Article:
How 2007 Separates Celebrity Wheat from Chaff

Whoa! It seems the Style staff at the Times are wholly unimpressed with the way things turned out in 2007—a year they already deemed a disaster in fashion. Yesterday’s paper featured an article proclaiming 2007 the year when an overwhelming number of celebrity careers hit the skids.

To be sure, over the last 12 months we witnessed—mouth often agape, eyes yet wider—some doozeys coming out of Celebrityville. Specifically, the Times points to the following Hollywood hiccups: Britney Spears lost her mind, hair and much of her credibility; Donald Trump and Rosie O’Donnell waged war over the airwaves; Lindsay Lohan was arrested and sent to rehab; Paris Hilton went to prison; Don Imus spat racist slurs and was fired; Anna Nicole Smith died after eating lots of pills; David Hasselhoff fell from basking in Baywatch glory to drunken bathroom embarrassment; Jamie Lynn Spears, 16, got knocked up; and, of course, 2007 was the year when Alec Baldwin left his daughter that scary, violent voicemail heard ‘round the world.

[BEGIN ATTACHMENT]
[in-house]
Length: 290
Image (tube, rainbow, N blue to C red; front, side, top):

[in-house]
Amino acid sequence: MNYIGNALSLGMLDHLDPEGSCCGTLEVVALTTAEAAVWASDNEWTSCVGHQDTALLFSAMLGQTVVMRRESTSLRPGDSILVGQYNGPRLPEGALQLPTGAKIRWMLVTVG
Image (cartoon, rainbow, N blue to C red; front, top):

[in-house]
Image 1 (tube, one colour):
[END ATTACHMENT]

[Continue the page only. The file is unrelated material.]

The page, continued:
And they don’t even mention eight people on the Top Ten Celebrity Meltdowns of 2007, crafted exclusively for The Daily Transom by celebrity life coach Patrick Wanis, PhD. What about Owen Wilson’s attempted suicide? Ellen DeGeneres’ Iggy disaster? O.J. Simpson’s armed robbery fiasco? Boy George’s alleged kidnapping of a male model?

This messy mayhem brought changes in the structure of the media, too. Whereas in the past, major news outlets would vet the sources of gossip blogs before picking up any breaking items, that’s apparently no longer the case. “[I]t used to be we’d get a call from CNN and they’d say, ‘Who are your sources?’ Two days later they’d realize we were right. And like Pavlov’s dog, you train them,” Harvey Levin, managing editor of, told the paper.

Oh, and this was also the year, according to the article, when “the Internet simply coughed up homemade celebrities, like Chris (“Leave Britney Alone!”) Crocker.” Yes, it was indeed. But we think such digital deities are actually called “CeWebrities.”

How 2007 Separates Celebrity Wheat from Chaff